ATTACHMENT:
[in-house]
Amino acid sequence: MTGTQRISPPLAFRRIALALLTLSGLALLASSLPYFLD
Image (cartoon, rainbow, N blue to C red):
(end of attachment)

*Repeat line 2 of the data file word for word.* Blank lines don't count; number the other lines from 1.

Amino acid sequence: MTGTQRISPPLAFRRIALALLTLSGLALLASSLPYFLD